Two terror teams may have attacked Pathankot using different vehicles | india | Hindustan Times
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Two terror teams may have attacked Pathankot using different vehicles

Terror in Pathankot Updated: Jan 04, 2016 09:24 IST

Counter-terror sources said there were intercepts that referred to a group of six terrorists infiltrating into India to carry out the attack.(Sameer Sehgal/HT Photo)

Two teams of terrorists attacked the Pathankot air base on Saturday, and they had – in all likelihood – reached there in different vehicles, security sources told HT.

“The two terrorists who remained hidden at the air base and exchanged fire with security personnel on Sunday were part of another team of terrorists that had entered the vast air base area. We also suspect that they might have reached there in another vehicle,” said a senior security official on the condition of anonymity.

Sources said a lot could be deduced from the experience of Punjab superintendent of police Salwinder Singh and his jeweller friend, who were overpowered by four heavily armed persons in military uniforms – who then used his vehicle to travel nearly 500 to 1,000 metres in the direction of the air base. “This goes to confirm that there was at least one group of four terrorists that entered the air base area on the intervening night of Thursday and Friday, when they snatched Salwinder Singh’s vehicle. The calls made from the mobile phone snatched from Salwinder and his friend show they didn’t move from one area,” said another security official.

Counter-terror sources said there were intercepts that referred to a group of six terrorists infiltrating into India to carry out the attack. The security establishment is now looking for any other vehicle that might have been hijacked from the area, and used by the second group to reach the Pathankot air base.

When asked about the number of militants who may have jointly attacked the air base, a senior police officer said that it could be “as high as eight or ten”. And as a second vehicle has not been recovered despite the Punjab police combing the entire periphery of the air base, investigation officers are almost certain of the involvement of a local module of terror outfit Jaish-e-Mohammad (JeM) that may have dropped the other team of terrorists at the spot.

Sources said all the phone calls made by the terrorists to Pakistan were on numbers identified as that of JeM by the security establishment for a long time now.

The police are also scrutinising footage acquired from the toll plaza on the Gurdaspur-Pathankot highway – besides various police and BSF checkpoints on the Bamiyal-Pathankot road – for clues.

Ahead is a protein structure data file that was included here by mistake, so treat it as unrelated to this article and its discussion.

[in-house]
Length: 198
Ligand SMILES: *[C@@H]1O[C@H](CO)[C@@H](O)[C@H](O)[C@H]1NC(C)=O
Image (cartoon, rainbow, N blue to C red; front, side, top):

Police will also go into the details of the calls made to Ikagar Singh – a taxi driver from Bhagowal village who was killed by the terrorists. Initial reports have suggested that he was called from a Pakistan number, and “hired” to transport someone to a hospital. But security sources are yet to verify the timing of the call, to check if it was made when the militants were with the driver or earlier.

Security sources are looking at the timing of the call made on the phone to see if it was made when the terrorists were with him or before that.

However, as soon as Singh discovered the identity of his passengers – who were apparently picked up at the Kathlana T-point on the Bamiyal-Pathankot road – he rammed his vehicle into a rock near Kathlour bridge over the Ravi and tried to escape. Singh was, however, killed by the militants.

Singh’s family claimed that he was repairing a car tyre when he was overpowered and forced to drive ahead by the terrorists, who were hiding near the T-point.

Meanwhile, sources said that combing the thick forested areas within the air base is turning out to be a herculean task. There are few buildings in the area, other than a deserted workshop and some empty hangars. “The combing operations continued through the night, but – considering that there are militants around – we have to be very cautious to ensure that our men are not hunted down,” a top police officer said.

The officer said that the firing was confined to the same general area where the other four terrorists were killed. “The good news is – the time lapse between the firing is increasing, which means they are running short of ammunition. It is only a matter of time before we win the battle,” he added.

Security agencies halted the combing operation late in the night to prevent chances of their personnel incurring further casualties, stating that it would be resumed at first light. They said the operation would be deemed complete only after the bodies of the terrorists are recovered.

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